GBSB6 – Exclusive interview with week 5’s eliminated Bee!

To test the sewers’ handling skills, judges Patrick Grant and Esme Young kicked off the pattern challenge with a boned basque. The task required sewing together small pattern pieces for a precise fit and creating a tricky hook and eye fastening. Next, in the transformation challenge, the sewers transformed pyjamas and nightwear into summer dresses. Finally, the models returned to be fitted for two-piece ladies’ sleep set, each of which had to incorporate lace somewhere in the design. They needed to fit comfortably, and the luxurious fabrics had to be finished precisely and expertly!

While Therese’s outfit won garment of the week… it was Ali that left the show this week.

Here Ali talks about sewing and her experience on the show:

When did you first start sewing and why do you love it so much?

I think I was about 10 years when my mum showed me how to sew and we made an underskirt. It was beige nylon trimmed with blue lace! No I haven’t still got it! I can’t remember if I ever wore it! 

I dabbled with the sewing machine through my teenage years but it wasn’t until I left school and started working at the tax office that I really got into sewing. There was a fantastic haberdashery in a department store in Leeds and I’d buy fabric from there and use the free patterns that came with magazines. I really got the bug and loved being able to go out knowing that no one would be wearing the same clothes as me.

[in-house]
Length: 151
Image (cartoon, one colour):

I was always really methodical when following patterns so most of my makes were generally successful, but my mum was always on hand if I ever got stuck with anything.

What is your favourite garment to sew/or your speciality?

I think my favourite garment to sew would be a golf skirt, and I have been known to decide to make a new one just a couple of hours before I’m due to play!

Why did you want to be a Great British Sewing Bee and who did you want to most impress of the Judges, or both?  And when the sewing got tough, was Joe a welcome ally?

I wanted to be on the GBSB because every time I have watched it I’ve always thought ‘I could do that!’, mainly because I’m good under pressure due to my job as a paramedic. I wanted to be able to impress both the judges.

Describe your experience on first walking into the sewing room on this year’s Sewing Bee, and which challenge were you fearing the most?

Walking into the sewing room for the first time was so exciting! It was really weird because I felt like I had already been there with seeing previous shows. The sewing room was bigger than I imagined and so much busier because of the all the TV crew being there – I couldn’t believe how many were involved in the filming of it.